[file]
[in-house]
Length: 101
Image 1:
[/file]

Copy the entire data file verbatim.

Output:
[in-house]
Length: 101
Image 1: